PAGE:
We are in a global market place and you're free to start up a company and decide how to use technology and employ people. If you make the business work, good on you, if you are really successful then your competition will start copying your business model.

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You can't limit technology and I don't know what the solution is to enforced idleness, but you don't need to be idle. Even if unemployed at home there are thousands of video's on Youtube where you can learn to do stuff.

Over 150 years they were having the same discussions, the Luddites which were violently suppressed. Skilled weavers were reduced to impoverishment due to the factory/automated system. However more people ended up finding work in the mills but it was much lower grade and less fulfilling.

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The History of every major Galactic Civilization tends to pass through three distinct and recognizable phases, those of Survival, Inquiry and Sophistication, otherwise known as the How, Why, and Where phases. For instance, the first phase is characterized by the question 'How can we eat?' the second by the question 'Why do we eat?' and the third by the question 'Where shall we have lunch?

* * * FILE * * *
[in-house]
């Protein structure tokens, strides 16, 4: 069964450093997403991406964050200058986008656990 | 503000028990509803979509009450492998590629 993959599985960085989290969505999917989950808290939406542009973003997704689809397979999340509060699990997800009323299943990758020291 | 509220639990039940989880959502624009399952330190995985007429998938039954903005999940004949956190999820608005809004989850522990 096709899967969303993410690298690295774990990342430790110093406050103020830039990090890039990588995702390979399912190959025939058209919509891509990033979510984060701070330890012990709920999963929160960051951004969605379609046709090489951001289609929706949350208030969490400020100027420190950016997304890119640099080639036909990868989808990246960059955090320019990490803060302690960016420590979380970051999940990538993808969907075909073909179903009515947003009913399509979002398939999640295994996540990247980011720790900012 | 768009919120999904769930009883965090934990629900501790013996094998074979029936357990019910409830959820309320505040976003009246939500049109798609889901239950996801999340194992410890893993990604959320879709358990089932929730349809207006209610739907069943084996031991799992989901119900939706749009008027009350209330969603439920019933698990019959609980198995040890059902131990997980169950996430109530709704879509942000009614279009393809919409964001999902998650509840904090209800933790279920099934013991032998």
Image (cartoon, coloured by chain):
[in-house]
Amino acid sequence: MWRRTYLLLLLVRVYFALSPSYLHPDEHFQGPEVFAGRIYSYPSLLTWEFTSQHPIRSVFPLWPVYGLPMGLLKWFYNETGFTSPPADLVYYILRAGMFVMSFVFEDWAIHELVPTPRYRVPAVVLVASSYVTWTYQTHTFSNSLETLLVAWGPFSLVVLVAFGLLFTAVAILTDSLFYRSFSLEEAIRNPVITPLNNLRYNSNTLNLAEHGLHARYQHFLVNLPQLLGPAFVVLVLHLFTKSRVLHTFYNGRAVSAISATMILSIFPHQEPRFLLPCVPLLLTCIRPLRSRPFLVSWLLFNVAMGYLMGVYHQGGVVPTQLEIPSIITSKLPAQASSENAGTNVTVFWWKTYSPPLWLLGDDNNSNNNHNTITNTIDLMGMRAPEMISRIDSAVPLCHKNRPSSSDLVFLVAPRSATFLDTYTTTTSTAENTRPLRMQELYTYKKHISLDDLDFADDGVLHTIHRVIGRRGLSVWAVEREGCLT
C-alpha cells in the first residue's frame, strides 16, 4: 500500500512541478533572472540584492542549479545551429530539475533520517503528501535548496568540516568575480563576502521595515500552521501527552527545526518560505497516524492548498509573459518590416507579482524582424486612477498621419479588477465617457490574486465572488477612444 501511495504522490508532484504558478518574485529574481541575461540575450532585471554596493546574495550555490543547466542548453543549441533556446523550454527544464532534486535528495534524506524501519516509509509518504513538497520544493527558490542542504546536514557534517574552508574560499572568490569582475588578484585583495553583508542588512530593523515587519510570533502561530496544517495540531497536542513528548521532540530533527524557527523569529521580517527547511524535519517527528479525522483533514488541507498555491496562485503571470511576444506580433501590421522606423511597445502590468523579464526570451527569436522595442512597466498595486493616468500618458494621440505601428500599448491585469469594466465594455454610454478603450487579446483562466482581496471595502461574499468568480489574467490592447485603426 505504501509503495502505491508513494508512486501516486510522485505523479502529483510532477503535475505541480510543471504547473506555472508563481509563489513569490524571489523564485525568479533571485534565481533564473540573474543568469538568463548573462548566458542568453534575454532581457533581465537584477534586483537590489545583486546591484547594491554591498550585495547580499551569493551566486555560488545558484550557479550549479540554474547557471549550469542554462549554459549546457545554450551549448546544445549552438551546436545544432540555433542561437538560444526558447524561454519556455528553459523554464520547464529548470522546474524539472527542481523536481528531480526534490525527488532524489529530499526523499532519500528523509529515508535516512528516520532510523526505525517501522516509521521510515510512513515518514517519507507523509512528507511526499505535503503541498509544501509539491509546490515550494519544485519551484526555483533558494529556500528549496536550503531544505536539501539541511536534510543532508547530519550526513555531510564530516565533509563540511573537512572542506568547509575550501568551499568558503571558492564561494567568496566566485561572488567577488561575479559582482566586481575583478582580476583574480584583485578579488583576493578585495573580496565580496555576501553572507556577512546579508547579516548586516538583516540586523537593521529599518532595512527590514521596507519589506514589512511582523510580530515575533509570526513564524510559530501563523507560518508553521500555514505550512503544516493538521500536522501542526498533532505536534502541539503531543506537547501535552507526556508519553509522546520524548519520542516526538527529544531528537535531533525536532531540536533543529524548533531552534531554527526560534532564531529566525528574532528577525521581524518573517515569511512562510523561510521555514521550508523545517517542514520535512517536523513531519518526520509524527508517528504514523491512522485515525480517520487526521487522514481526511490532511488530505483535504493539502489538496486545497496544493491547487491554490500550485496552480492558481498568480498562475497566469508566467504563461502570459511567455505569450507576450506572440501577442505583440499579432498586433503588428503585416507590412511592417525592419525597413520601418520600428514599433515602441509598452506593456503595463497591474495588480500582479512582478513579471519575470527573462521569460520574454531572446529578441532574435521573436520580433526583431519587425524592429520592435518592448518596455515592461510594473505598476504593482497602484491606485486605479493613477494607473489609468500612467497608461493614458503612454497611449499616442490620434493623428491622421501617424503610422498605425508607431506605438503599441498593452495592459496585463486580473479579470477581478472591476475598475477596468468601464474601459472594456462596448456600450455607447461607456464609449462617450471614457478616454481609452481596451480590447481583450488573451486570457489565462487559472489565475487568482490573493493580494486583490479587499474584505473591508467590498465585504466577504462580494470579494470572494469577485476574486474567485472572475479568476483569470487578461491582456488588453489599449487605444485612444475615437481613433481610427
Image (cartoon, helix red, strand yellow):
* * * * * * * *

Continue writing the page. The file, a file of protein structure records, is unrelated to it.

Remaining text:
Douglas Adams

In other words we're moving more and more to a service economy and the OP is redundant - both conditions may be met

Edited by Si1

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In a fair society you would cater for both. The UK is the leading centre for F1 which like it or loath the sport is probably as high tech as you can get and I guess most of the employees are the best in their field eg Adrian Newey. Yesterday saw a Remploy factory close with 2,000 disabled workers lose their jobs. Two people apparently have found new positions. Remploy never made a profit but did make useful products and provided a meaningful life for the people employed using basic manual labour. My guess is that the vast majority of the ex-Remploy workers will never work again and suffer from depression etc. F1 and high tech can make money and companies like Remploy never will but in the past we as a society felt a need to provide work for all even if they needed a sudsidy. Now we have a new society and any social awareness has basically gone and we will have a situation where the 'clever' will be employed and can demand higher pay and the not so 'clever' will be ground down or given workfare. It seems that we have regressed to a Victorian society with the rich and clever having some control of their lives with the rest being pushed around by the state; workfare and zero hours.

Was remploy not effectively a workfare scheme?

Edited by Si1

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Why do you keep posting the same thing over and over again with minor variations?